Wind farm to be tested in September

Construction to be completed in August
Fri, 07/29/2016 - 12:00pm
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The Block Island Wind Farm’s blades will be ready and spinning beginning in September. Project officials say the blades will be spinning for testing purposes only and will not be operational until later in the fall.

That’s what Deepwater Wind CEO Jeff Grybowski and President Chris van Beek said during an event hosted by the wind energy company on Monday, July 25 at the Port of Providence to kickoff commencement of the project’s final stage of construction. Amidst a swirling wind and sunny, hot conditions, a crowd of people gazed in awe at the impressive, large components assembled at Deepwater Wind and General Electric’s temporary dockside facility. 

After Deepwater Wind Chairman Bryan Martin and Gov. Gina Raimondo spoke at a dais positioned in front of 15 newly fabricated General Electric brand blades, Grybowski followed with an energized speech punctuated by his declarartion that the blades would soon be spinning. 

“By early September the first offshore wind farm in the United States will be ready to start spinning its blades,” said Grybowski. “And that will be a momentous occasion.”

Grybowski’s comments were met with applause from those assembled at the event. During his speech, Grybowski noted that installation of the wind farm would be completed in August, on a project that was conceived back in 2008, and has taken eight-and-a-half years to come to fruition.

He pointed out that Deepwater Wind has completed two stages of construction and are now embarking on stage three: the final stage. “The foundations were installed last summer. The cable laying for this project was completed just last week [with the linking of the five foundations]. In early August we will start the final installation,” he said. “It will only take about a month to get that done.”

That construction period will involve the installation of the five 6-megawatt, 260-foot tall wind turbine towers, as well as the power generating nacelles and the blades.

Grybowski said that each of the 241-foot long blades weighs “about 29 tons” and “are the longest wind turbine blades in North America.” He explained that “128 bolts” would be utilized to attach each of the blades to the five nacelles during the offshore construction process. A large lift-boat, the Fred. Olsen Windcarrier’s Brave Tern, will employ its 800-ton capacity crane to aid installation of the components at the wind farm site.

“You get the idea that this is a really big, complicated, construction project,” said Grybowski. “This is an important day. It’s been a long time coming, for some us who have been around since the very beginning.”

While addressing the crowd, Gov. Raimondo remarked that, “Rhode Island’s Block Island Wind Farm is the first offshore wind farm of its kind in North America. I love that. I love it when Rhode Island is the first.”

“Rhode Island is literally leading the way, in this country, in offshore wind,” she added. “So what does that mean for Rhode Island? It means a cleaner source of energy. Ultimately it means lower costs of energy. It means a diversified energy supply. And it means a lot of jobs.” She noted that over 300 local jobs have been created by construction of the wind farm.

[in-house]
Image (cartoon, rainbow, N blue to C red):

Raimondo said the story of the state’s decline “over the past 20 years” was due to lost manufacturing and innovation-based jobs. “This is precisely the kind of company, industry, and jobs that we want to be the world leader in. Being first means we will be able to create more of these jobs. This is the way to rebuild our economy.”  

Van Beek, who serves as project manager and has worked in offshore construction for over 25 years, told The Block Island Times that the wind farm was on schedule, and he expects construction to be completed in August.

“Things are going well. Everything is coming together,” said van Beek. “We start loading out all of the components this week. Construction will be done in August. You will see the blades spinning in September.”

Van Beek said that in the early stages, when the blades start spinning, each turbine would be producing about 1.5 megawatts of electricity. The power will be routed from the turbines to what van Beek called a “test bank” on the island for testing. “You have to test out all of the components to make sure that they are functioning properly.”

Regarding the fire at the Block Island Power Company on Friday, July 22, that caused a lengthy power outage, Deepwater Wind officials voiced their concerns while speaking with The Times.

“My first reaction was to inquire with (Deepwater Wind Project Manager) Bryan Wilson to make sure people were safe and there weren’t any injuries,” said Grybowski. “I was happy that BIPCo was able to restore power as quickly as possible.”

Grybowski noted that the substations that Deepwater Wind and National Grid are each constructing on the BIPCo property are separate from the utility’s generating system and were not impacted by the fire.

Van Beek echoed Grybowski’s sentiments, and said he was glad no one was injured, while noting that Deepwater Wind’s transmission system is independent of BIPCo’s infrastructure.

Martin said that when he toured BIPCo’s facility three or four years ago he thought that the equipment looked old. He also noted that Block Island would soon be receiving its power from the wind farm instead of the power company.

When asked his thoughts about being on the verge of completing construction of the nation’s first offshore wind farm, Martin said, “It’s a little surreal.” He said once all of the components are in the process of being installed the reality of what his company has accomplished will start to hit home.

“It’s really exciting,” said Martin. “It won’t be long before we’re producing power.”